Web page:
• Rick_in_VA
          April 23, 2012 at 9:38 pm

          As of 7/1/2011, HB 1981 became official. It modified 46.2-833 with an amendment which says that a driver of a bicycle, moped, or motorcycle could treat a traffic signal as a stop sign if they wait for two cycles of the light or two minutes, whichever is less, excercises due care as provided by law, treats it as a stop sign, and determines that it is safe to proceed.
          (This from the bill as passed)
          It’s a step in the right direction, I guess, but why not make it apply to all vehicles.
          BTW: I keep a copy in my wallet, just in case.

          • BrentP
            April 23, 2012 at 9:48 pm

            Illinois has no such law and I wouldn’t trust a cop to know it or care to read it. They, like the judges, claim to “know” the law. What they mean is they are the law, but I digress.

            When confronted with such a signal on my bicycle I will turn right on red. Sometimes this takes me down a road where bicyclists aren’t desired. One in particular is near the local police station. I take the arterial roads and go around the block to reach the same point I would have reached by the minor roads. Haven’t been pulled over for it yet. Last time was at the town festival when one of these clovers that works traffic for the cops wouldn’t let me walk across. So I got on the bike and became traffic, riding the arterial road. He couldn’t do squat about it. I went around the block and reached the same point before I would have gotten there had I waited the way the clover wanted.

  9. Craig
    March 20, 2012 at 4:09 pm

    Eric, you are thinking too much for yourself. The State will now label you a terrorist and put you on a list.

    • March 20, 2012 at 4:56 pm

      Oh heck, that happened a long time ago!

  10. That One Guy
    March 20, 2012 at 4:13 pm

    For the past two or three years I’ve been an unrepentant HOV lane violator. The hours of my life I’ve reclaimed must be approaching the century mark as I spend a lot of time on the highways. I’ve never been caught yet, but when I do the ticket won’t even approach the value of the time I’ve saved.

    I’ve also become emboldened by not being caught by what I thought was the ubiquitous eye of Mordor, and have diversified into turning against a red arrow. I did this a few weeks ago when no cars were coming for hundreds of yards and my buddy started screaming at me. It was startling and I jumped almost out of my seatbelt. “You just ran a red light!” I said “So what”? Then I told him his freakout in my car was more likely to cause an accident than me using my judgment and deciding what is “safe.” It gave him a definite moment of pause, but I don’t think I recruited a budding civil-disobedient.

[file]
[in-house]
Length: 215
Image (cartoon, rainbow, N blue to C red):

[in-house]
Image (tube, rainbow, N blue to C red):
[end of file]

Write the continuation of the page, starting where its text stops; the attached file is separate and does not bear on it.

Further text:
The worst thing I deal with by far is all of the Clovers who get angina over my deliberate flauting of the law. I’ve had people swerve at me and cut in front of me and slam on the brakes. I’ve looked at other cars on the road and seen people screaming at me through their windows.

    They literally hate me to the point they risk injury to me and themselves to display it. But it’s not about “breaking the law,” its because they know people like me and the others here doing the same things are free in ways they are unwilling or unable to be. These people really do hate us for our freedom, to borrow the neo-con phrase.

  11. March 20, 2012 at 4:15 pm

    I admire your outright contempt for foolish laws. A few times in my thirty year driving career I have fallen prey to some of the most stupid cases of enforcing the law that I have ever seen. We need those 70′s hippies in the buses again in a big way. Even here in Canada now we are told that we MUST send our children every day to school or report to the school a good reason why they were not there. We are told that if we work another job because we can’t afford the cost of living or we wish to get ahead by our own sweat and blood that we now owe more income tax almost making the effort “not worth it”. We are told how to parent, or that we can no longer spank a child that in no uncertain terms needs it. We are told that insane people have as much rights as we do (I would say a hell of a lot more) and that we must tolerate them and that they are responsible for their own decisions (regardless of whether they are completely flawed or not). I could go on and on….anad when ever I tell others about my lack of caring for certain rules I am given the speech that “if we all did this then anarchy would rule” as if I had no ability to manage my own life or make good decisions on my own. It sickens me that YOU (as Americans because I always admired your freedom and strength) take this openly now and without any disagreement. When criminals are allowed to continue to bank and laws are being created by the day to supress you can you not see that it is a small step in a larger issue. As Canadians we have long since rolled over to the government. Very sad. Please remember a famous quote, “all that is required for the triumph of evil is for good people to do nothing”. I would take it one step further and say “if you don’t say something, it will just continue”.